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Ramiro Pellitero, Professor of Theology

Jesus, the face of mercy

Wed, 15 Apr 2015 12:03:00 +0000 Posted in

The Bull of Convocation for the Extraordinary Jubilee of Mercy, Misericordiae Vultus (April 11, 2015) opens a preparatory period of prayer and study, dialogue and action. It is a path, that of mercy, which the Church has been traveling since its beginning, more intensely since the middle of the last century; and which Francis now proposes as a catalyst for a new impulse.

To facilitate the reading of the Pope's text and its assimilation, it is worth studying it by distinguishing some parts (this distinction is ours, not the document's).

1. Mercy, characteristic of God and of his work. "Jesus Christ is the face of the Father's mercy" (n. 1). The text opens with this affirmation that serves both as an explanation of degree scroll and as a synthesis, not only of the document, but also of the Christian faith. St. Thomas considers that "it is proper to God to use mercy and especially in this he manifests his omnipotence" (S. Th. II-II, q30, a4). The liturgy has taken this up since ancient times. God, rich in mercy, has sent us his son to save us. "Jesus of Nazareth by his word, his gestures and his whole person reveals the mercy of God" (ibid.). We need to contemplate the mystery of divine mercy, because it is source, condition, revelation and action of God's love for us, which becomes for us law and way in our relationship with Him and others.

2. The Second Vatican Council, sign of Mercy. The Extraordinary Jubilee will begin on December 8, 50 years after the closing of the Second Vatican Ecumenical Council. Here, too, the first sentence already says the most important thing: "The Church feels the need to keep this event alive" (n. 4). The Council - as promoted by St. John XXIII and Blessed Paul VI - wanted to proclaim the Gospel in our time in a more comprehensible way, at framework of charity and God's mercy.

3. Divine mercy in the Old Testament. The Old Testament describes God as "patient and merciful", to present him with the tender mercies of a father and a mother. Psalm 136 continually repeats "his mercy endures forever". And Francis interprets it as "an attempt to break the circle of space and time to introduce everything into the eternal mystery of love. It is as if to say that not only in history, but for all eternity man will always be under the merciful gaze of the Father" (n. 7).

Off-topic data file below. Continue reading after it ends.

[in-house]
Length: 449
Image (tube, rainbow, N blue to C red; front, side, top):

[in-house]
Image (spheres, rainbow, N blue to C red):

4. Mercy, the core of the Gospel. Psalm 136 is part of a Jewish hymn (the hallel), recited on important liturgical feasts. Jesus prayed it with him (cf. Mt 26:30) and made it his own after the Last Supper, precisely as an explanation of the institution of the Eucharist and a prelude to his passion and death, which led to the consummation of his submission for us. A submission manifested throughout his life: in his attitudes (particularly towards the sick and sinners, like Matthew) and in his teachings, especially in some parables (such as that of the lost sheep and the lost coin, and that of the father and the two sons, and that of the merciless servant who did not want to forgive his companion) and in the beatitudes.

From this point on, Francis considers mercy as the core of the Gospel message and as a criterion for knowing who are really children of God, as an ideal of life and as a sign of credibility of the Christian faith, because love is demonstrated in concrete life: "intentions, attitudes and behaviors that are verified in daily life" (n. 9).